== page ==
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5 steps to recover from a savings setback

Key takeaways

  • Life often gets in the way of saving for retirement. Don't give up if you hit a few speed bumps.
  • To get back on track, go back to the basics and make sure your spending is on point and consider building an emergency fund of at least $1,000 or one month of essential expenses.
  • Try to contribute at least enough to get any available company match, if one is offered. It's like free money into your workplace savings plan.

The road to retirement is long and rarely follows a perfectly straight path. Sometime life just gets in the way. You lose a job, or need to take time off to help a loved one, or some other bump-in-the-night surprise knocks your best-laid plans off the rails. The good news is there are ways to get back on track when you're ready.

Here are 5 tips, in no particular order, to help you recover from a retirement savings setback.

1. Go back to basics

Going back to the basics can make sense after a financial setback, and even put you in a stronger position for the long term. Some steps to take:

  • Create a budget to get a better handle on expenses, if you don't already have one. In addition to your day-to-day expenses, don't forget to also budget for your recurring debt obligations and medical expenses.
  • Protect what you have with basic insurance—particularly if it's available through your employer at a competitive cost. Health, disability, and life insurances are crucial for protecting your finances. Also remember to set up beneficiaries for your accounts and review them regularly.
  • If you're eligible, saving money in a flexible spending account (FSA) or health savings account (HSA) can help you save on health care costs and taxes too.
  • If you don't already have an emergency fund, consider saving $1,000 or one month's worth of essential expenses.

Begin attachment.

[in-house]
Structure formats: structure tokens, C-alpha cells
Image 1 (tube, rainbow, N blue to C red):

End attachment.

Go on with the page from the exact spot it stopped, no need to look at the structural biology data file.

• If you have access to a workplace savings plan, consider saving at least enough to get any match offered by your employer.
  • Prioritize paying down high-interest debt, especially credit card debt, before aggressively saving for short- and long-term goals.

Read Viewpoints on How to balance debt, saving, and investing

2. Revisit your retirement contributions and investment allocation

In situations where income and expenses suddenly seem out of whack, many people freeze or cut back on contributions to their retirement accounts. When things get back to normal, one of the simplest actions you can take—restarting your contributions—can make a big impact. Remember, even 1% can make a difference over time.

One guideline to keep in mind is to try to contribute at least enough to get any available company match. This is like free money into your workplace savings plan.

A lot of people like the fact that workplace savings plans, like 401(k)s and 403(b)s, are "automatic savings" programs—set it and forget it. Money goes directly into their workplace savings accounts every paycheck. And if by any chance you can increase your contributions, or if you're in a position to try to contribute more to "make up" for stopped contributions, even better. But just starting to contribute again, at any amount that is reasonable given your budget, is a great start.

If you don't have a retirement account through your employer, consider contributing to an IRA. You may be able to set up automatic transfers from your spending account or even have contributions made via direct deposit. Making your savings automatic is a great way to boost the odds of success since you never need to think about it or add it to your to-do list.

Tip: To start, try to gradually ramp up your contributions until you hit 15% of your income (this includes any employer contribution), a level that should set you on a course to help maintain your lifestyle in retirement. If your employer offers an auto increase program, be sure to enroll so that your contributions can increase automatically each year.

If your circumstances, goals, time horizon, or tolerance for market risk have changed, consider working with a Fidelity professional to help rebalance your portfolio if needed.

3. Did you take a withdrawal or 401(k) loan? Here's how to move forward.

If you've taken money out of a workplace savings plan to get through some tough times, consider contributing more each year to your retirement plan in order to help offset the money you took out.

In some cases, taking a 401(k) loan can be your best option. Here's what to know about repaying a 401(k) loan:

  • You'll have to pay that borrowed money back, plus interest, within 5 years of taking your loan, in most cases.
  • If possible, avoid borrowing more than you need or too many times.
  • Continue saving and contributing to your retirement. It will likely be your biggest source of income when you retire.
  • Remember, in the event that you leave your employer, any outstanding loans need to be repaid in full within a short period of time or you will have to pay the taxes on the outstanding balance, which would be treated as a distribution, not a loan from your account.